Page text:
3. Presentation matters. Advise on students’ presentation, including the dress code, eye contact, body language and tone of voice.
4. Mock interviews. Simulate mock interviews with your students. This helps them calm their nerves, get used to the interview style/format, find out their weaknesses and refine their interview techniques.
Medify has helpful tips on preparing for medical school interviews. We also have an Online Interview Course that provides everything a student needs to know for their medical interviews for only £20. This includes example questions that can be used in mock interviews.
Many medical schools require or strongly encourage applicants to have work experience in a healthcare or related field. This is to:
Even when work experience is not a compulsory requirement, students may be asked to draw upon their work experience during a medical school interview.
Therefore, it is important to encourage your students to reflect on the work experience especially with relevance to medicine, rather than approaching it as a box-ticking exercise.
Work experience may be paid, voluntary, or involve observation. Students can find work experience in:
Students often struggle with where to find work experience. You can refer your students to Medify’s free Work Experience App, which shows work experience placements from around the UK.
You can find useful tips for your students in our admissions guide.
Students can also gain indirect experience by reading good books written by doctors that depict their real experience.
COVID-19 has made it harder for students to obtain their usual work experience. Here are extra tips to help your students:
For GCSE, medical schools typically require English, maths and sciences with a grade of 6 or higher. However, the exact GCSE varies significantly between the medical schools so it is advisable to refer to the full entry requirements.
At A-level, usually AAA is required including chemistry/biology.
As you'll have realised by now, there are many different elements to consider for getting into medicine.
The #1 tip is to prepare early, which helps spread out the different commitments and provides students with more time to focus on their A-level assessments.
Starting preparation early also means students won’t miss out on medical school places due to not selecting the required subjects, or not having certain GCSE grades.
Students apply for medicine through UCAS. Medicine can only be selected for four of the five choices.
Choosing a medical school depends on a range of factors, including the location, teaching style, rankings, student to staff ratio, research options and cohort size.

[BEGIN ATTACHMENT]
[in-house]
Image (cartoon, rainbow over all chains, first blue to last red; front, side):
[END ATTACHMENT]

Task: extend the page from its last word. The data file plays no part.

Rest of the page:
It is worth applying to a ‘dream medical school’ as long as your student meets the minimum requirements, but they should also apply to places that give more realistic chances of admission.
For students that did not do well in the UCAT or the BMAT, two universities (University of Buckingham* and University of Central Lancashire) do not require any admissions test.
*Buckingham Medical School is considerably more expensive compared to other medical schools.
A personal statement should demonstrate the experiences and skills that make a student well-suited for medicine.
It is used for interview selection and to provide information for interviewers to base their questions on.
Here are three top tips to help you guide your students on writing their personal statement:
Use our admissions guide to further help your students:
You can proofread your student’s personal statement, but ideally they should also have feedback from medical students or doctors who went through the same process.
The teacher’s reference includes information about your student’s educational or social disadvantages, academic potential, motivation, commitment and suitability for medicine, as well as any additional information.
Some medical schools don’t refer to this at all, but others consider them before offering an interview, and sometimes even for final selection.
It is limited to a maximum of 47 lines of text or 4,000 characters.
You also need to remember that your student has the right to request for a copy of your reference under the Data Protection Act 2018.
If your student did not receive an offer for medicine, getting a place through clearing could be an option.
The universities which offer clearing differ from year to year, so it is worth checking these universities each year, as students need to act fast to secure a place.
Studying medicine abroad is also an option, including:
We offer a free guide for students who are considering a gap year.
If a student is keen to study a healthcare-related course outside medicine, there are several options to choose from, including nursing, physiotherapy, psychology, midwifery and public health.
Medify was established in 2009 with a vision and mission to widen access to medicine by providing affordable products and services to help students. Currently, 2 in 3 medical school applicants use Medify to prepare for the UCAT.
Medify also has an excellent set of free resources designed to help students start their first year in medicine.